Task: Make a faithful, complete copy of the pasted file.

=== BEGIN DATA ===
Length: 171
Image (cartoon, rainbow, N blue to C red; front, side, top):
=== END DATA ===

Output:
Length: 171
Image (cartoon, rainbow, N blue to C red; front, side, top):